An experimental anti-cancer drug can prevent -- and even reverse -- potentially fatal cardiovascular damage in a mouse model of progeria, a rare genetic disorder that causes the most dramatic form of human premature aging, National Institutes of Health (NIH) researchers reported today.
In a study published in the Oct. 6 early online edition of the Proceedings of the National Academy of Sciences, a team led by Francis S. Collins, M.D., Ph.D., of the National Human Genome Research Institute (NHGRI), and Elizabeth G. Nabel, M.D., director of the National Heart, Lung and Blood Institute (NHLBI), describes its effort to use transgenic mice to identify and test potential therapies for children with Hutchinson-Gilford progeria syndrome.
There currently are no treatments for progeria, which is estimated to affect about one child in 4 million. At birth, children with progeria appear normal. But soon growth slows, and the children begin to show signs of accelerated aging, such as hair loss, wrinkled skin and loss of body fat. The most lethal damage, however, occurs within the children's major blood vessels. The children develop premature cardiovascular disease, which typically leads to death from heart attack or stroke at about the age of 13.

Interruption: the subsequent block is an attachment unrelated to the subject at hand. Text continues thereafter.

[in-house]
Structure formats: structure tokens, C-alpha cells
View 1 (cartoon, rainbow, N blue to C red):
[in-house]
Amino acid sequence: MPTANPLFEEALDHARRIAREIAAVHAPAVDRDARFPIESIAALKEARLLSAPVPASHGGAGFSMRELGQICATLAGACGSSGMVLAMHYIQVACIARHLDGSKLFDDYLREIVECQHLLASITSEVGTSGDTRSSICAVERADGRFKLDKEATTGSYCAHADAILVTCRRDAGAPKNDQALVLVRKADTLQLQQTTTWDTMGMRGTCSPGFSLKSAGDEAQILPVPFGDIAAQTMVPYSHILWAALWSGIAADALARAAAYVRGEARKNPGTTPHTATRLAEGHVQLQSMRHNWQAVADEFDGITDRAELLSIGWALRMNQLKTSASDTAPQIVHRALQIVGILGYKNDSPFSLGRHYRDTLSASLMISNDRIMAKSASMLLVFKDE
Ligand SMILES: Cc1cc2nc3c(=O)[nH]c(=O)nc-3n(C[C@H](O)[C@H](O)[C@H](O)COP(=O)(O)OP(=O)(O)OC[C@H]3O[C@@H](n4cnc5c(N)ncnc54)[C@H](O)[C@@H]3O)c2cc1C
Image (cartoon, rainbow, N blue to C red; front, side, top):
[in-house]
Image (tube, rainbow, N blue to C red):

Building upon its past experiments in cells and mice, the NIH-led team examined the effects of an experimental cancer drug, tipifarnib, in a strain of mice genetically engineered to develop cardiovascular damage similar to that seen in progeria patients. Tipifarnib belongs to a class of drugs known as farnesyltransferase inhibitors (FTIs), which are being tested in people with myeloid leukemia, neurofibromatosis and other conditions. The team had previously found that FTI drugs could reverse structural abnormalities in skin cells taken from progeria patients and grown in the laboratory.
"This approach worked much better than we thought it would. Not only did this drug prevent these mi
|Contact: Geoff Spencer|
NIH/National Human Genome Research Institute